• The viruses are named according to their H and N components, as well as the location where they were originally isolated.
  • The evolutionary changes in H or N (drift) may result in a sufficiently changed antigenic structure that immunity from prior infections may not protect all those who come in contact with it, contributing to annual epidemics. 
  • In addition, simultaneous infection with two different influenzas A viruses (in humans or other animals) may result in a reassortment of H and N components — antigenic shift — giving rise to a novel strain against which no one has immunity.  I
  • In this circumstance, pandemics of influenza may occur.

The World Health Organization (WHO) provides an influenza pandemic alert system, with a scale ranging from Phase 1 (low risk of a flu pandemic) to Phase 6 (a full-blown pandemic):

  • Phase 1: A virus in animals has caused no known infections in humans.
  • Phase 2: An animal flu virus has caused infection in humans.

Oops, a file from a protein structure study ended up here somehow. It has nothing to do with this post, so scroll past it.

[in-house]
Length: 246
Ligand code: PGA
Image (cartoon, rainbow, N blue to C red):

• Phase 3: Sporadic cases or small clusters of the disease occur in humans. Human-to-human transmission, if any, is insufficient to cause community-level outbreaks.
  • Phase 4: The risk for a pandemic is greatly increased but not certain.
  • Phase 5: Spread of disease between humans is occurring in more than one country of one WHO region.
  • Phase 6: Community-level outbreaks are in at least one additional country in a different WHO region from phase 5. A global pandemic is underway.

References

  1. https://www.cdc.gov/csels/dsepd/ss1978/lesson1/section11.html
  2. https://www.who.int/csr/disease/swineflu/frequently_asked_questions/pandemic/en/
  3. https://www.webmd.com/cold-and-flu/what-are-epidemics-pandemics-outbreaks#1
  4. https://www.medicalnewstoday.com/articles/148945.php
  5. https://www.cdc.gov/flu/pandemic-resources/index.htm
  6. https://www.apha.org/policies-and-advocacy/public-health-policy-statements/policy-database/2014/07/18/09/19/preparing-for-pandemic-influenza
  7. Park, K. (n.d.). Park’s textbook of preventive and social medicine.
  8. Hennekens CH, Buring JE. Epidemiology in Medicine, Lippincott Williams & Wilkins, 1987.